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Published February 02, 2017
We've seen houses that sit alongside rolling rivers, but this stone cottage in Fairfield, CT, sits right on top of one. For $2 million, you can sip morning coffee in your kitchen and watch the water flow underneath.
It's a home that's impossible to reproduce. "With all the regulations, not only would you not be able to build a house over a brook, you'd have to set it back significantly," listing agent Andrew Whiteley of William Raveis Real Estate says. Because the building was converted to a residence a while back -- Whiteley guesses during the 1940s -- it's been allowed to stay as is.
Built in 1836, the 3,000-square-foot home was a mill producing plaster made from horsehair and oysters, presumably for the surrounding population in the (now historic) district of Greenfield Hill. The mill's turbine has been removed, and the bridge has been transformed into a kitchen.
A bay window provides a spectacular view of the water as it tumbles from the property's pond into the river below.
The kitchen has french doors leading to a stone patio. There you can listen to the sound of water falling over the rocks as it journeys to Long Island Sound. Bird calls and the rustling of wildlife in the nearby woods provide an accompaniment to the sound of the water.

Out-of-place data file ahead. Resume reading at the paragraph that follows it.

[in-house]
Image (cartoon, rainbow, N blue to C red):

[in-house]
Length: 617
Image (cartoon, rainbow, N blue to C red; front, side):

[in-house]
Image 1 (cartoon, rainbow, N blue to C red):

The kitchen connects to the master bedroom addition, which overlooks the water and where the sound of rushing water will lull you to sleep.
While having a river underneath your home might raise a red flag, Whiteley say this one hasn't posed a threat yet. Because it's man-made, the water follows a "clearly defined" path, which keeps it from flooding, he says. When Hurricane Sandy devastated the Northeast in 2012, the house had no issues, Whiteley adds.
In the two-bedroom main house, cherry wood doors imported from a French cathedral open to the living area, which features a vaulted ceiling with redwood beams, French walnut floors, and a charming fireplace.
Also on the property are a converted barn and detached two-bedroom guest cottage. The barn has been converted into a two-car garage with a loft for storage. Whiteley says the barn was constructed around the turn of the century, while the guesthouse was likely built during the 1940s.
At some point, a blacksmith operated on the almost 2-acre property. "People are still finding horseshoes when they're gardening in the area," Whiteley says.
The home, which was featured in Architectural Digest in 1990, has been on and off the market since 2013. Whiteley says the sellers, who bought the home in 2000 for $2.3 million, are looking to retire.
"It's incredibly unique, [but] it's difficult [to sell], because you have to find that right kind of special buyer," says Whiteley.